Florida Virtual School fears enrollment drop due to proposed funding changes

Florida Virtual School officials say Florida school districts are already beginning to curb student enrollment in online classes in response to a funding shift proposed by state lawmakers.

Under the change – which continues to be debated as lawmakers head into the final week of the session – districts would get less funding if their students take Florida Virtual School courses. Florida Virtual School officials say they’re already seeing a spike in guidance counselors denying student requests for FLVS courses this summer.

In the past, counselors usually denied requests for academic reasons, such as students not completing prerequisite courses. But now they aren’t signing off because of funding concerns, Florida Virtual School officials said.

Holly-Sagues-Pic1“We knew that this would happen,’’ said Holly Sagues, FLVS’s chief policy officer. “The entire session, we were telling legislators that it’s going to pit the district against Florida Virtual School.’’

It’s too early to tell how widespread the trend is, but FLVS already has heard from students, parents and guidance counselors in at least five districts, Sagues said.

Sen. Erik Fresen, R-Miami, who introduced the new funding formula in House Bill 5101, could not be reached for comment. The bill has since been amended to Senate Bill 1502, where it is now being negotiated as part of the Legislature’s education budget conference.

If the measure passes, it would cut 14 percent to 17 percent from what FLVS receives for every class a student takes in the program, Sagues said. The estimated total loss: about $34 million. The program already receives between 10 percent and 20 percent less in per-student funding than traditional public schools, she said.

Here’s how funding for FLVS and the districts works now: when students take six courses in their district school and one through Florida Virtual, the district receives its full per-student allotment for that student and FLVS receives another one-sixth of the funding – but only if the student completes the course.

If the new funding forming goes into effect, it would cap it so that the district receives six-sevenths of its allotment and FLVS receives one-seventh. Continue Reading →


Another week, another state, another few thousand parents rally for school choice

A school choice rally in Greensboro, N.C. this week drew more than 2,000 people. They were there to show support for a school voucher bill that will be considered in this year's legislative session. (Image from Parents for Educational Freedom in North Carolina.)

A school choice rally in Greensboro, N.C. this week drew more than 2,000 people. They were there to show support for a school voucher bill that will be considered in this year’s legislative session. (Image from Parents for Educational Freedom in North Carolina.)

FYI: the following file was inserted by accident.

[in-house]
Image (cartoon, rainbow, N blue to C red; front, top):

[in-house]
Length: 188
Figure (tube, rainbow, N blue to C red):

There were 1,000 in Tallahassee, Fla., 2,000 in Columbus, Ohio, 2,400 in Greensboro, N.C. and 10,000 in Buffalo, N.Y. And that’s just in the past few weeks.

From coast to coast, swarms of parents are showing up at school choice rallies for charter schools, vouchers, tax credit scholarships or all of the above. They’re not angry like the Tea Party or Occupy. They don’t have defiant flags or frayed tents (yellow scarves maybe :) ). But they’re just as passionate and far more diverse.

“I want to be able to have a choice for where my daughter can go to schools,” one New York City mom said at a rally last summer. “I don’t want that choice made for me.”

That rally drew 5,000.

In the past year, one in Chicago drew thousands, as did one in Indianapolis. One in Atlanta drew 1,500. One in Boise drew nearly 1,000. One in Los Angeles drew 1,000. Another in Los Angeles drew 5,000.

In Pembroke Pines, Fla., nearly 1,000 showed up earlier this year to demand equal funding for charter schools.

Critics say Astroturf. Perhaps saying it enough has tamped down press coverage.

But people don’t take time out for these kinds of things if they’re lukewarm. There’s something happening here, and all those blips on the radar aren’t about to fade.


Florida roundup: virtual schools, parent trigger, teacher conduct & more

Virtual schools. The state investigation of K12 Inc. in Florida – which turned up three inadequately certified teachers – anchors a critical story in Maine by the Portland Press Herald. Education Week writes it up.

FL roundup logo snippedParent trigger. Sen. David Simmons is proposing another compromise for parent trigger. Gradebook.

Common Core. StateImpact Florida talks to one activist mom who doesn’t like it.

Education funding. AP reporter Gary Fineout looks at the behind-the-scenes battle on The Fine Print blog.

Paddling. A step backwards for Marion, editorializes the Ocala Star Banner.

School spending. Orange will still have $3 billion worth of work left to do when the district’s half-penny sales tax runs out in 2015, reports the Orlando Sentinel. The possibility of school closures is surfacing as Manatee’s budget woes continue, reports the Bradenton Herald. Continue Reading →